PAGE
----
Take the 2-minute tour ×
Physics Stack Exchange is a question and answer site for active researchers, academics and students of physics. It's 100% free, no registration required.

I've got a rather humiliating question considering newton's third law

"If an object A exterts a force on object B, then object B exerts an equal but opposite force on object A" -> $F_1=-F_2$

Considering that, why is there motion at all? Should not all forces even themselves out, so nothing moves at all?

When I push a table using my finger, the table applies the same force onto my finger like my finger does on the table just with an opposing direction, nothing happens except that I feel the opposing force.

But why can I push a box on a table by applying force ($F=ma$) on one side, obviously outbalancing the force the box has on my finger and at the same time outbalancing the friction the box has on the table?

I obviously have the greater mass and acceleration as for example the matchbox on the table and thusly I can move it, but shouldn't the third law prevent that from even happening? Shouldn't the matchbox just accommodate to said force and applying same force to me in opposing direction?

I've found a lot of answers considering that question but none was satisfying to an extend that I had an epiphany solving my fundamental problem I've got understanding it.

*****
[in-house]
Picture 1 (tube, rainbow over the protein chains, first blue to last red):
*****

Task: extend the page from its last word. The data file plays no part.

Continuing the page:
share|improve this question
4  
There are excellent answers below. I wanted to add that on the system scale (i.e. all objects together) the forces DO cancel out---that's why momentum is conserved. –  zhermes Dec 2 '12 at 2:49
4  
Duplicate of ? physics.stackexchange.com/q/2095 –  Hobo Dec 2 '12 at 14:23
3  
Here's a point of view that helped me to "get" this question: If the matchbox didn't push back on your finger with equal force, your finger would go right through it as if it were a ghost! –  wim Dec 3 '12 at 0:45
2  
Note that the acceleration of the object (i.e. matchbox) depends on its mass and the net sum of forces acting upon it. Crucially, it does not depend on forces which the object exerts upon other things (i.e. finger). –  wim Dec 3 '12 at 0:47
1  
There must be hundreds of questions similar to this one, all as a result of physics teachers forgetting to insert the words "..acting on different bodies" when explaining the 3rd law. –  ja72 Dec 20 '13 at 14:29

5 Answers 5

up vote 54 down vote accepted

I think it's a great question, and enjoyed it very much when I grappled with it myself.